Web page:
When might a binding nomination be more appropriate? First, some questions:

  • Are there children from an earlier or later relationship, which the SMSF wishes to give super?
  • Do you want to give your super to a surviving partner or child, which might become problematic if the gift is made through your Will?
  • Is the estate likely to be subject to a claim or litigation after death?
  • Is there any chance that a trustee might not abide by your wishes?

If it’s YES to any of these questions, a Binding Death Benefit Nomination (BDBN) may be more appropriate.

Importantly, the trust deed’s terms must be complied with if the nomination is to be legally effective and valid.

Whatever your wishes, a DBN should sit together with your will so both documents work together and account for your assets as a whole, ensuring the intended beneficiaries inherit what they are entitled to.

Consequences of not having a clear BDBN 

Let’s consider two examples of the consequences of not having a clear and technically compliant BDBN.:

1. Re Marsella: The case Re Marsella, from 2019, shows a greater willingness by the Court to intervene.

Helen Marsella was survived by her husband and two children from her first marriage, Caroline and Charles. Helen and Caroline had established an SMSF as trustees, with Helen as the sole member. When Helen died, Caroline became the sole trustee of the SMSF.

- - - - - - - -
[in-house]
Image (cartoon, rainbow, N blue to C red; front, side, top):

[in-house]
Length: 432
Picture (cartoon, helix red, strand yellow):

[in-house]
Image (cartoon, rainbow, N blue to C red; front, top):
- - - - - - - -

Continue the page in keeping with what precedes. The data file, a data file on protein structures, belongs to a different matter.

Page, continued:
After Helen’s death, Caroline resolved as surviving trustee to pay the entire death benefit to herself, and also purported to appoint her husband as a trustee.

The Court intervened on the basis that Caroline had failed to inform herself of the relevant matters and thus had failed to actively and genuinely exercise her discretion. This situation could have been avoided if the right person was trustee, and a valid binding nomination was in place.

2. Munro v Munro: The 2015 case of Munro v Munro also shows how missing details in a BDBN’s technical requirements can bring things undone. Precision is vital, and errors may be minimised by seeking independent advice.

Munro left a will naming his daughters as his executors, and a document, prepared by his accountants, purporting to be a BDBN, and nominating the ‘Trustee of Deceased Estate’ to receive the benefits.